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'das Städtchen' vs. 'die kleine Stadt'

  1. Why does the sentence "Ich werde ihn für den Job in Betracht ziehen," mean "I am will consider him for the job,"? What is the difference between in Betracht ziehen, erwägen and berücksichtigen?

  2. What is the difference between das Städtchen and die kleine Stadt? They both mean The small city.

LG Jason

July 6, 2017



These are answers which are very difficult to answer.

Generally: We all express our feelings with language and there are many different ways to say same thing with partly slightly different connotations in all languages, which are not covered by rules and official explanations.

First your second question, because it is more easy: Yes, both expressions mean the same. But in my feeling, The small town is only an information just as it is: a small town, no more no less, but otherwise Städtchen is more like a 'belittlement', it expresses, that this city is not only small, it is also cute, nice and cosy.

To answer your first question, I would need more time. At the first sight, these expressions means all the same and at the moment, I would say, you can replace them in a sentence without changing the meaning. There may be slight differences, but it may depend on the speaker and his socialization.


To say something is "belittled" usually implies disparagement, which I don't think the -chen suffix necessarily does.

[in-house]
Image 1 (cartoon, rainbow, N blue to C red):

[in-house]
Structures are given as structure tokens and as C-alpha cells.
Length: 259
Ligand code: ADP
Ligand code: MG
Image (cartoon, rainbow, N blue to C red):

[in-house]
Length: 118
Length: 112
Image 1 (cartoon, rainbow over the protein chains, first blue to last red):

Yes, this is correct. I searched for the German expression "Verniedlichung" and did not know, which English word I should choose, I may decided myself for the wrong one.

As speising wrote: This ending is a diminutive and we use it mainly to either express something small or/and to express, something is very nice, sweet, cute, cosy and so on. So Kätzchen is not only a small cat, it expresses, that the cat is so cute, sweet...that is, what we call "Verniedlichung".

Interestingly the two terms 'Diminutiv' and 'Verniedlichung' are in the same relation of meaning like 'kleine Stadt' and 'Städtchen' or 'kleine Katze' and 'Kätzchen'.


"Städtchen" is a diminutive, with all the conotations that come with that.

"in Betracht ziehen" and "erwägen" are really pretty much interchangeable here, while "berücksichtigen", in my opinion, implies less subjective consideration, more like "he's still on the list", "i'll take him into account".

After further consideration, you could also say that those three phrases are ordered by their strength, how likely it is that he'll actually get the job. if i "ziehe ihn in Betracht", it's pretty likely, if i say i "berücksichtige" him, it's more a "don't call us, we'll call you" thing. But it's subtle.


I don't quite agree with speising (which I guess is from East Austria like me). It's very much a matter of context and also personality of the speaker/writer. I do agree that "in Betracht ziehen" und "erwägen" are pretty much interchangeable, but in my eyes "berücksichtigen" gives a better chance of actually getting the job. But again, it is indeed very subtle. As to "kleine Stadt" und "Städtchen" Inuzuka said it all. I live near a small town, nahe einer kleinen Stadt, which is not pretty or nice or anything a tourist wants to visit at all. While e.g. Steyr in Oberösterreich is a "Städtchen", nice, cosy, picturesque and so on. But again: beauty lies in the eye of the beholder, so you can interchange them.

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